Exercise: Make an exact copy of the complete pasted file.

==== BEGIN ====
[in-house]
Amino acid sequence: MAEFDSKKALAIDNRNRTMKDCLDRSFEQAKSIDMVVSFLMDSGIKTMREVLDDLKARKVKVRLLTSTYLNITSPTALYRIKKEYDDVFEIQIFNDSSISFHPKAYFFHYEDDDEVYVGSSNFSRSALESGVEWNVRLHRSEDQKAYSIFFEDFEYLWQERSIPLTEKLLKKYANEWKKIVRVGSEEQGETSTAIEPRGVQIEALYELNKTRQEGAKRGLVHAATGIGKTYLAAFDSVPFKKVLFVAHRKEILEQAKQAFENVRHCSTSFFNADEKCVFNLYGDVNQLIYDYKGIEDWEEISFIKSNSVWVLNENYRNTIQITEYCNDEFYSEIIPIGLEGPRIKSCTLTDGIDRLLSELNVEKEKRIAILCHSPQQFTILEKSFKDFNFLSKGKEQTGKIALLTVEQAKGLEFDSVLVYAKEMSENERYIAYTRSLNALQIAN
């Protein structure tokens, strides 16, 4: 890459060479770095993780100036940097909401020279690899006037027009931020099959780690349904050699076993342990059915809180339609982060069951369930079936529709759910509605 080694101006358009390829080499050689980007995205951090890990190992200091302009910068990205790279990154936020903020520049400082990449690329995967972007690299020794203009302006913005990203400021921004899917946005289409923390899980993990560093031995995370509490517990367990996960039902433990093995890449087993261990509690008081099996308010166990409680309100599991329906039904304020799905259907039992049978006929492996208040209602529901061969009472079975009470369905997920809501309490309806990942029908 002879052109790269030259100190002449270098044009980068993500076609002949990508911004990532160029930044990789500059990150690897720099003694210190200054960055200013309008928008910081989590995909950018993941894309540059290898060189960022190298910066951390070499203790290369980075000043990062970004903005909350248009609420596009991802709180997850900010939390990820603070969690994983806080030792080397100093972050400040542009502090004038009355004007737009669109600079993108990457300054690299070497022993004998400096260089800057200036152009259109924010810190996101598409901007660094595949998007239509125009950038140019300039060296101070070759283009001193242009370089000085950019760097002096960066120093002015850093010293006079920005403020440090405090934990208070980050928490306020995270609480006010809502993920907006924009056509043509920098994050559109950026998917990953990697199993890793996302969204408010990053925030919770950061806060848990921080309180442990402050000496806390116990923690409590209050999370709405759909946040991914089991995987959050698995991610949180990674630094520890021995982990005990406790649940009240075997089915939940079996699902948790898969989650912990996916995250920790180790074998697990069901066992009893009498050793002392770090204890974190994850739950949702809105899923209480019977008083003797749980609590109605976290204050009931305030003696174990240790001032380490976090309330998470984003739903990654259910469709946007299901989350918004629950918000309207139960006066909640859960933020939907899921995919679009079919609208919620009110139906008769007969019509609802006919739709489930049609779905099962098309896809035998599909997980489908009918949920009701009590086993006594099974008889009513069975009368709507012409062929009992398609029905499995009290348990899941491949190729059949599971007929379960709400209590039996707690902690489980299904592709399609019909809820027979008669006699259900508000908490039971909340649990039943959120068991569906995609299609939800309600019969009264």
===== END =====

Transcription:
[in-house]
Amino acid sequence: MAEFDSKKALAIDNRNRTMKDCLDRSFEQAKSIDMVVSFLMDSGIKTMREVLDDLKARKVKVRLLTSTYLNITSPTALYRIKKEYDDVFEIQIFNDSSISFHPKAYFFHYEDDDEVYVGSSNFSRSALESGVEWNVRLHRSEDQKAYSIFFEDFEYLWQERSIPLTEKLLKKYANEWKKIVRVGSEEQGETSTAIEPRGVQIEALYELNKTRQEGAKRGLVHAATGIGKTYLAAFDSVPFKKVLFVAHRKEILEQAKQAFENVRHCSTSFFNADEKCVFNLYGDVNQLIYDYKGIEDWEEISFIKSNSVWVLNENYRNTIQITEYCNDEFYSEIIPIGLEGPRIKSCTLTDGIDRLLSELNVEKEKRIAILCHSPQQFTILEKSFKDFNFLSKGKEQTGKIALLTVEQAKGLEFDSVLVYAKEMSENERYIAYTRSLNALQIAN
């Protein structure tokens, strides 16, 4: 890459060479770095993780100036940097909401020279690899006037027009931020099959780690349904050699076993342990059915809180339609982060069951369930079936529709759910509605 080694101006358009390829080499050689980007995205951090890990190992200091302009910068990205790279990154936020903020520049400082990449690329995967972007690299020794203009302006913005990203400021921004899917946005289409923390899980993990560093031995995370509490517990367990996960039902433990093995890449087993261990509690008081099996308010166990409680309100599991329906039904304020799905259907039992049978006929492996208040209602529901061969009472079975009470369905997920809501309490309806990942029908 002879052109790269030259100190002449270098044009980068993500076609002949990508911004990532160029930044990789500059990150690897720099003694210190200054960055200013309008928008910081989590995909950018993941894309540059290898060189960022190298910066951390070499203790290369980075000043990062970004903005909350248009609420596009991802709180997850900010939390990820603070969690994983806080030792080397100093972050400040542009502090004038009355004007737009669109600079993108990457300054690299070497022993004998400096260089800057200036152009259109924010810190996101598409901007660094595949998007239509125009950038140019300039060296101070070759283009001193242009370089000085950019760097002096960066120093002015850093010293006079920005403020440090405090934990208070980050928490306020995270609480006010809502993920907006924009056509043509920098994050559109950026998917990953990697199993890793996302969204408010990053925030919770950061806060848990921080309180442990402050000496806390116990923690409590209050999370709405759909946040991914089991995987959050698995991610949180990674630094520890021995982990005990406790649940009240075997089915939940079996699902948790898969989650912990996916995250920790180790074998697990069901066992009893009498050793002392770090204890974190994850739950949702809105899923209480019977008083003797749980609590109605976290204050009931305030003696174990240790001032380490976090309330998470984003739903990654259910469709946007299901989350918004629950918000309207139960006066909640859960933020939907899921995919679009079919609208919620009110139906008769007969019509609802006919739709489930049609779905099962098309896809035998599909997980489908009918949920009701009590086993006594099974008889009513069975009368709507012409062929009992398609029905499995009290348990899941491949190729059949599971007929379960709400209590039996707690902690489980299904592709399609019909809820027979008669006699259900508000908490039971909340649990039943959120068991569906995609299609939800309600019969009264």